Enlightened – Brutally Human

An honest and subtle show that makes you love and hate the characters, whilst pondering your own life and personality traits along the way.

enlightened-laura-dern-mike-whiteEnlightened is an edgy TV show created by Laura Dern and Mike White – both whom also feature. The episodes are only 26 minutes, but pack more themes, ideas, human observation and emotionally jarring moments than most feature films. At first glance its about a woman who has gone through a spiritual journey, after being “let go” from a company, via a bunch of esoteric groups and zen retreat holidays. Feeling enlightened, aware and in control, she tries to get her life back together by first getting her old job back. At this point you’d be forgiven for thinking it was a daytime kind of annoyingly ignorant show – but that’s where you (and definitely I when I started watching) would be very surprised.


Because this is where it gets honest, brutal and compelling. Her mind is actually now a contradictory, conflicted and hypocritical cluster-fuck, yet absolutely human. The painful situations she both causes and attempts to manage can be cringe-worthy, compelling and endearing all at the same time. The show’s ability to throw you from one corner of your mind to another with just a few words is astounding – and its rare that I actually don’t want an episode of a TV show to finally finish. The co creator/writer Mike White also stars as colleague Tyler. Appearing like a younger Wallace (Wallace & Gromit), his character trajectory illuminates yet another brilliantly three-dimensional and acutely observed corner of humanity.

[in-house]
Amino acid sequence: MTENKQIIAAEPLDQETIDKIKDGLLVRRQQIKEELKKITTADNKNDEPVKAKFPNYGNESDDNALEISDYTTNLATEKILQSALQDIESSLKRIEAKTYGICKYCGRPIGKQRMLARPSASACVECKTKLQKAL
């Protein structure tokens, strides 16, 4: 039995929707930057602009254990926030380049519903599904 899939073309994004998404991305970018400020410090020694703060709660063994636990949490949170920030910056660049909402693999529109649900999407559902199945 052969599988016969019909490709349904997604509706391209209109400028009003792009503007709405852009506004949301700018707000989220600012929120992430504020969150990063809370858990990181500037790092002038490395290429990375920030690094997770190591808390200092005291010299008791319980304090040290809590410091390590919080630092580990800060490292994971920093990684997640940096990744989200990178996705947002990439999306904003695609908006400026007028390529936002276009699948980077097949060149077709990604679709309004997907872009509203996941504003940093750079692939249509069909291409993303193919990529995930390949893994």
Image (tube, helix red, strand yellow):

Its a program where there is far to discover between the lines – a little thought about any of the episodes in terms of motives, decisions, realizations, ignorances, denials and behavioral patterns in terms of the characters reveals plenty of insight about the human condition. For example, you start to notice how she rarely listens to people – or pretends to take something on board to please them, then completely ignores it. The need to please betrays a huge underlying insecurity, which she seems completely blind to yet distracts from by having one useless-yet-excitable idea another. The fine lines between significance and attention, enlightenment and denial, are scary places. One of the episodes managed to take me to a pretty deep and dark place of sadness with barely a word of dialogue.
Enlightened is exactly the kind of refreshment that the overly optimistic, fickle and fragile world of self-help and therapy sorts needs. Its a slap-in-the-face of becoming self-obsessed to the point where you forget the feelings of others. People’s desire to have “more” and be happier whilst trying to sidestep the actual hard work and brutal self-awareness required. That place in people’s minds where emotional greed, ignorance and impatience blend into something that thinks its somehow enlightened and superior – but actually irritates the fuck out of everyone else around.

You’ll find yourself changing sides for and against Laura Dern’s character multiple times through the series, whilst never doubting her character’s credibility. And learning (or reflecting) a lot about human nature at the same time.

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